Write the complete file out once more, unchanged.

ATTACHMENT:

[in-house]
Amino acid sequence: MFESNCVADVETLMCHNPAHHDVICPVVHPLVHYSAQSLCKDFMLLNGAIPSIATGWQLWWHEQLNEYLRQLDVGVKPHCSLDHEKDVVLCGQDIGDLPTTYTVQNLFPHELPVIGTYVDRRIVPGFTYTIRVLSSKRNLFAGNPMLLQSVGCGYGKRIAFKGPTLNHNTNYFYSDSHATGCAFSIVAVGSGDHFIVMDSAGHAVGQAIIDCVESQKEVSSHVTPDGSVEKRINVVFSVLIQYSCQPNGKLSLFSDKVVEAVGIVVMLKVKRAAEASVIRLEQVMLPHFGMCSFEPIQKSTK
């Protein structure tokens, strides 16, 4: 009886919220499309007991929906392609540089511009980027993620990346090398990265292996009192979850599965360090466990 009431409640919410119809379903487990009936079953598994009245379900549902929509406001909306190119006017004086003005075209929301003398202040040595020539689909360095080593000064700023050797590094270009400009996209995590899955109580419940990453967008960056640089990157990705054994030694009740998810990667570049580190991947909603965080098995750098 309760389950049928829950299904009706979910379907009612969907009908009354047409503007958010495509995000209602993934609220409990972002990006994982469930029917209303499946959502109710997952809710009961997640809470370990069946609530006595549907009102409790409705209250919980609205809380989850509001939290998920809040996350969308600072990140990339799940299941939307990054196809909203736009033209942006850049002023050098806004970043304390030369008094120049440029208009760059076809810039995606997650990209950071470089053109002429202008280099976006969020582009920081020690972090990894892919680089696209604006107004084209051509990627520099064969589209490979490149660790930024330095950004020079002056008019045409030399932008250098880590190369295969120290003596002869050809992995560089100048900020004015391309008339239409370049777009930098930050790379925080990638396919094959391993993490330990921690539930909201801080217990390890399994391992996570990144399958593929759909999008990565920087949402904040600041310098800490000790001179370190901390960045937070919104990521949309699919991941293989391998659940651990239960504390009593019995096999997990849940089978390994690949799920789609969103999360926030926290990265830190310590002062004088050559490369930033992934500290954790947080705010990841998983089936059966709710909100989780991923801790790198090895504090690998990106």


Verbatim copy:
[in-house]
Amino acid sequence: MFESNCVADVETLMCHNPAHHDVICPVVHPLVHYSAQSLCKDFMLLNGAIPSIATGWQLWWHEQLNEYLRQLDVGVKPHCSLDHEKDVVLCGQDIGDLPTTYTVQNLFPHELPVIGTYVDRRIVPGFTYTIRVLSSKRNLFAGNPMLLQSVGCGYGKRIAFKGPTLNHNTNYFYSDSHATGCAFSIVAVGSGDHFIVMDSAGHAVGQAIIDCVESQKEVSSHVTPDGSVEKRINVVFSVLIQYSCQPNGKLSLFSDKVVEAVGIVVMLKVKRAAEASVIRLEQVMLPHFGMCSFEPIQKSTK
């Protein structure tokens, strides 16, 4: 009886919220499309007991929906392609540089511009980027993620990346090398990265292996009192979850599965360090466990 009431409640919410119809379903487990009936079953598994009245379900549902929509406001909306190119006017004086003005075209929301003398202040040595020539689909360095080593000064700023050797590094270009400009996209995590899955109580419940990453967008960056640089990157990705054994030694009740998810990667570049580190991947909603965080098995750098 309760389950049928829950299904009706979910379907009612969907009908009354047409503007958010495509995000209602993934609220409990972002990006994982469930029917209303499946959502109710997952809710009961997640809470370990069946609530006595549907009102409790409705209250919980609205809380989850509001939290998920809040996350969308600072990140990339799940299941939307990054196809909203736009033209942006850049002023050098806004970043304390030369008094120049440029208009760059076809810039995606997650990209950071470089053109002429202008280099976006969020582009920081020690972090990894892919680089696209604006107004084209051509990627520099064969589209490979490149660790930024330095950004020079002056008019045409030399932008250098880590190369295969120290003596002869050809992995560089100048900020004015391309008339239409370049777009930098930050790379925080990638396919094959391993993490330990921690539930909201801080217990390890399994391992996570990144399958593929759909999008990565920087949402904040600041310098800490000790001179370190901390960045937070919104990521949309699919991941293989391998659940651990239960504390009593019995096999997990849940089978390994690949799920789609969103999360926030926290990265830190310590002062004088050559490369930033992934500290954790947080705010990841998983089936059966709710909100989780991923801790790198090895504090690998990106």